Public Affairs

April 10, 2020

The following is the text of Presiding Bishop Michael Curry’s Good Friday sermon from Church of the Heavenly Rest, New York, New York. This sermon was pre-recorded for inclusion in the live stream of the Church’s April 10, 2020 worship service.

This sermon can be watched at any time by clicking here.
The video appears in the “Holy Week 2020” section at the bottom of the webpage. Look for where the webpage background changes from white to black.


Church of the Heavenly Rest
Good Friday
April 10, 2020

Michael B. Curry


Hello to all of my friends at The Church of the Heavenly Rest, to Matt and all of the clergy, and dear people of God. In this time of COVID-19, in hard times for us here in our country and for people around the world, it is meet and right that we should gather online on this Good Friday.

From the Gospel according to St. John:

Meanwhile, standing near the cross of Jesus were his mother and his mother's sister, Mary the wife of Clopas and Mary Magdalene. When Jesus saw his mother and the disciple whom he loved standing near, he said to his mother, "Woman, here is your son." And he said to the disciple, "Here is your mother." And from that hour, the disciple took her into his own home.

Good Friday is the entire gospel of God, summed up in an act of sacrificial love. John 3:16 earlier in John's Gospel says, God so loved the world that he gave his only Son. Jesus gave his life not to appease an angry deity. He gave his life not out of some selfish motive. He gave his life to show us what love looks like. The lengths that love will go, that loves seeks the good, the welfare and the wellbeing of others. He gave his life to show us that love is the way to life. I am more and more convinced the older I get that the Gospel is very simple. Doing it is complex and difficult, but the essence of it is very simple.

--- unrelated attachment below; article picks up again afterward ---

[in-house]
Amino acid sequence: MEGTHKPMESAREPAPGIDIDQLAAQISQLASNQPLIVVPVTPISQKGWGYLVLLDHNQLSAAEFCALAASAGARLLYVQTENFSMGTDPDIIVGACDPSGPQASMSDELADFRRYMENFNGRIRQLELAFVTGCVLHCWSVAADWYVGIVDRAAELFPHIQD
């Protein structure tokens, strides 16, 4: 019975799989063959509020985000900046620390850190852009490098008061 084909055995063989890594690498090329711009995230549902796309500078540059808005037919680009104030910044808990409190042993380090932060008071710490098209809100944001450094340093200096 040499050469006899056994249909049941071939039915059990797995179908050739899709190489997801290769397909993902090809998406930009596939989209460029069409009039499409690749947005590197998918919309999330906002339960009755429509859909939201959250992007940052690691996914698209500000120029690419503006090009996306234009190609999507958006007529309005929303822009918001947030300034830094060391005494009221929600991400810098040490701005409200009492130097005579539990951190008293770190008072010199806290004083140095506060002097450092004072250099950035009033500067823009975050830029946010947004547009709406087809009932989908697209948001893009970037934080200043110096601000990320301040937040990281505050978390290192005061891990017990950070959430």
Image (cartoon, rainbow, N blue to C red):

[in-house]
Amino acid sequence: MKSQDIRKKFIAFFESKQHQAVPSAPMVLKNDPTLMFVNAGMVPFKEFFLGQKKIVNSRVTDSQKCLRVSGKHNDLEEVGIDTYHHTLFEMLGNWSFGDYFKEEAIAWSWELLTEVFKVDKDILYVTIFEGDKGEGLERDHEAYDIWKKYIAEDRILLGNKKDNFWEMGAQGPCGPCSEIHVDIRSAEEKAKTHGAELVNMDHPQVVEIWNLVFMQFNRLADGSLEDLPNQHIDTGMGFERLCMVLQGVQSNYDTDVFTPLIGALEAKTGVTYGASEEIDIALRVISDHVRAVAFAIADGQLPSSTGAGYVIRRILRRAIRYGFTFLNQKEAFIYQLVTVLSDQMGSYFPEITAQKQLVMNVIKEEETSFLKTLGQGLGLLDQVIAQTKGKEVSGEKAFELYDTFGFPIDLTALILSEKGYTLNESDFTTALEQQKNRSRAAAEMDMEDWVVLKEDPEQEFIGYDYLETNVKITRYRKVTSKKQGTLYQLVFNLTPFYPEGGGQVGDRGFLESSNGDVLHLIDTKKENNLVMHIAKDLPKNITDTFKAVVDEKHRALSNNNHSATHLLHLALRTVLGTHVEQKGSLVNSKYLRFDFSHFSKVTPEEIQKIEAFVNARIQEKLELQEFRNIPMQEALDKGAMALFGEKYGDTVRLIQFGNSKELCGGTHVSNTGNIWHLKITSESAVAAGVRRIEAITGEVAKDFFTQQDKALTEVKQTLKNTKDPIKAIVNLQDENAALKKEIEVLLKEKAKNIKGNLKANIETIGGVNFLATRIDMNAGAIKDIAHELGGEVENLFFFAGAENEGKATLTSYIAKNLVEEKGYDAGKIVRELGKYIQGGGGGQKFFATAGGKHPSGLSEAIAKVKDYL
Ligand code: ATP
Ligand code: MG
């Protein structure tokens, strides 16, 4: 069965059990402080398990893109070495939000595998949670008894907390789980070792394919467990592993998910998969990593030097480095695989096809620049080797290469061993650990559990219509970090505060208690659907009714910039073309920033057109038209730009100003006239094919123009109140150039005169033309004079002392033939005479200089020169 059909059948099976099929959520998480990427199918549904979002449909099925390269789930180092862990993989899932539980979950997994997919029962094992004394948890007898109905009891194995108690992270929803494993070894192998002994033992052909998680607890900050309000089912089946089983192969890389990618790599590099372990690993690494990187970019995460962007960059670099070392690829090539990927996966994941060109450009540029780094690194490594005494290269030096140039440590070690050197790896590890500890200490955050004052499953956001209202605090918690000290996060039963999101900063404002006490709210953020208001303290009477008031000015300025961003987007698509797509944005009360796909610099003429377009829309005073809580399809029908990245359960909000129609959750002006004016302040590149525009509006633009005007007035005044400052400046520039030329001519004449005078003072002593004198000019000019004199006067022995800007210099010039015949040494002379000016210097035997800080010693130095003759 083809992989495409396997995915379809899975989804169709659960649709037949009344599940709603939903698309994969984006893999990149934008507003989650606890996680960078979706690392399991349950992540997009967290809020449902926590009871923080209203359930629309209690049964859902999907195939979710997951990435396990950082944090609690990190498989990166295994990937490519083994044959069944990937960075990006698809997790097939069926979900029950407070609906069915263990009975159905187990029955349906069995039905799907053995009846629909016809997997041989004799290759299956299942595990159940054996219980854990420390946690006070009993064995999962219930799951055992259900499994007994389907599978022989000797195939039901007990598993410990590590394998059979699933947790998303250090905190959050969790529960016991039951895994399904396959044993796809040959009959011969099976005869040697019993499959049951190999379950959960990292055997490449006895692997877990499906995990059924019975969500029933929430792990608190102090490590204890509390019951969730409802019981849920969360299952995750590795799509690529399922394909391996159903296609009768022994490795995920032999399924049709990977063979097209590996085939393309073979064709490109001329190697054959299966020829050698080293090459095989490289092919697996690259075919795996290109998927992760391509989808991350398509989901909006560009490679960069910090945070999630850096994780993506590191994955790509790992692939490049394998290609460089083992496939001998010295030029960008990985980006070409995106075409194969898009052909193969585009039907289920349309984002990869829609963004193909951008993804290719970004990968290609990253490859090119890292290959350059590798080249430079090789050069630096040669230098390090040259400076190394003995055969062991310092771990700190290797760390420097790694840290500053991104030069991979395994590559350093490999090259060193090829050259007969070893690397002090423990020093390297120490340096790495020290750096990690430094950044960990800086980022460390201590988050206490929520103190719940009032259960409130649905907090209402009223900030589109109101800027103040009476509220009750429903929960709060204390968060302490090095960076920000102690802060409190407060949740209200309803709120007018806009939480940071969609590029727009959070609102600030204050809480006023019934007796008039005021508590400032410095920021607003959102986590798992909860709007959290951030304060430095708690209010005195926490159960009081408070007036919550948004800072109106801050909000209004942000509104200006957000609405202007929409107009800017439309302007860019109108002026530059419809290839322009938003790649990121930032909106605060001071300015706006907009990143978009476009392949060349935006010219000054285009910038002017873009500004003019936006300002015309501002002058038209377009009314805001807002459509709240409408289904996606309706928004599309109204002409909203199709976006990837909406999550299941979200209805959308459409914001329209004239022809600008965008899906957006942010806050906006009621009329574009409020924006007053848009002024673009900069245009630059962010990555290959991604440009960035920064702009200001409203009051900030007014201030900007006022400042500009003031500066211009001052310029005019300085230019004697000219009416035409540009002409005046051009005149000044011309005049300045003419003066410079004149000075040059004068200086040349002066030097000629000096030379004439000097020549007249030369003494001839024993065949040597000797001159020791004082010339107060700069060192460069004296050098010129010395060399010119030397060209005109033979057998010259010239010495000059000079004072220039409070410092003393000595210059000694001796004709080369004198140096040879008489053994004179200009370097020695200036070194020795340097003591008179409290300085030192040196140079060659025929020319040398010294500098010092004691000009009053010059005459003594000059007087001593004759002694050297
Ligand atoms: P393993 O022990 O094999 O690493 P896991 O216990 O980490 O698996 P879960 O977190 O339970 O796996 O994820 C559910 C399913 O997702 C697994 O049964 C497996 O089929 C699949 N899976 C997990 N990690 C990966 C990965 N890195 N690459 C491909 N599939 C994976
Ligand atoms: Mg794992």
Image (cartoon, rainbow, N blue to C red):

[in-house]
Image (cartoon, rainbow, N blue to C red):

God came among us in the person of Jesus of Nazareth to show us the way to live. Jesus came to show us the way to live as God has intended since God created anything at all. He came to show us the way to a right and reconciled relationship with the God and the creator of us all. He came to show us the way to be in a right, reconciled relationship with each other as children of this one God and creator of us all, that God came into the world in the person of Jesus to show us how to become more than individual collections of self-interest, how to rise above and beyond self, how to rise above and beyond me, to rise and become we. The human family of God. He showed us the way to be one with God and one with each other and in so doing, find life as God has intended from the very beginning. Jesus came to show us how did they become more than merely the human race, a biological category.